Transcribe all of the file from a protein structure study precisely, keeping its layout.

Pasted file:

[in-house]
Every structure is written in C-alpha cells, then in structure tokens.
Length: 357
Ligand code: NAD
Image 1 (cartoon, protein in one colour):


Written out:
[in-house]
Every structure is written in C-alpha cells, then in structure tokens.
Length: 357
Ligand code: NAD
Image 1 (cartoon, protein in one colour):